We’ve all heard how coffee is good for you. Recent studies have linked drinking coffee with a lower risk for developing many conditions, including type 2 diabetes, Alzheimer’s disease and Parkinson’s disease. It also has more healthful antioxidants than vegetables or fruit combined.


But surprisingly, a lot of antioxidants remain in the gunk in the filter when you brew that cup of joe, say researchers.

Of course, people around the world drink millions of cups of coffee every day. That generates an estimated 20 million tons of used grounds annually. Some spent coffee grounds are actually used commercially as farm fertilizer or in homes as plant food or insect repellant. But most used grounds end up in the trash.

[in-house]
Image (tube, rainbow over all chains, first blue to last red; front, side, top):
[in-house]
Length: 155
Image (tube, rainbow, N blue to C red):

Maria-Paz de Peña's team knew that coffee contained lots of antioxidants, and they wondered how much of those healthful compounds remained in used grounds. Specifically, which coffee-making method would leave the most antioxidants in the grounds?

In their report in the Journal of Agricultural and Food Chemistry, they found that filter, plunger and espresso-type coffeemakers left more antioxidants in coffee grounds, while mocha coffeemakers left the least. Because filter and espresso coffeemakers are more common in homes and commercial kitchens, the authors report that most grounds are likely to be good sources of antioxidants and other useful substances. They note that after these compounds are extracted, the grounds can still be used for fertilizer.

“Evaluation of Spent Coffee Obtained from the Most Common Coffeemakers as a Source of Hydrophilic Bioactive Compounds,” Journal of Agricultural and Food Chemistry



Credit: American Chemical Society


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